To remove wobble, tighten the spokes on the side you want to move the rim toward, while simultaneously loosening the spokes on the opposite side. If you don't loosen the opposite side you will pull a flat spot in the rim. (then it's out of round).
    Roundness can be adjusted by tightening the spokes at the high spot and loosening the spokes at the lows. If the wheel is not too tight, you can sometimes get away with just tightening the high spots. Sometimes low spots are bent rims, caused by hitting a curb or pot hole, especially if the tire is under inflated. Often at such a spot, the rim will have a wide spot (called a "blip") where the brake will tend to grab. A flat spot like this is hard to remove, but the blip an be pushed back in by supporting one side (at a time) of the rim against (perhaps) the edge of a work bench and tapping the blip GENTLY with a hammer.(The edge of the work bench works well because it's easy to see your progress looking down at the rim.) Be really careful not to push it in too far because it usually can't be moved back out.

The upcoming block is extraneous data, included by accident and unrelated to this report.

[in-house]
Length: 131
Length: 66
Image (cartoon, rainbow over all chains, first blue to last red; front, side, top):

Dish refers to the rim being centered between the parts of the axle that touch the inside of the fork ends/ drop outs. Because the rear wheel often has a multiple gear cluster on the right side, the axle has spacers under the cluster so that the hub is not centered. If the rim were centered between the flanges of the hub it would not be centered in the frame (most noticeable between the seat stays).
    As for tension, if the wheel is too loose, it will loosen further with miles. If its too tight it may "potato chip" (collapse, and assume the shape of a potato chip) with a side load, (hard cornering?) thereby releasing all the tension at once.
    The process starts by spinning the wheel and watching the movement against a fixed point like the brake shoe, or perhaps a bit of wire wrapped around the chain stay, to create a pointer aimed at the rim. The movement is easier to see if the tire and tube are removed. Spin and watch the rim a lot, and turn the spoke nipples in small amounts (1/4 turn or less).(Sometimes a drop of penetrating oil on each nipple is necessary.)
    If it doesn't seem to get any better, or gets worse, the rim may be bent and no amount of truing will fix it. If that's the case take it to a bike shop for advice.
    I could go on and on but I think I better stop here. Good luck.
  11. atcspaul

    atcspaul Guest

    i just ordered this stand from bike nashbar. they are haveing a good sale on it right now. will let you all know what i think. should have it monday http://www.nashbar.com/profile.cfm?...oretype=&estoreid=&pagename=Show All Products
    i have tried on my bike using the break pads and you can get pretty close. from my experience to get the really perfect you need to use a stand. the rounder the better it will roll and the more speed you will get out of the bike and i know we all love to go zoom zoom:p
  12. mickey

    mickey Guest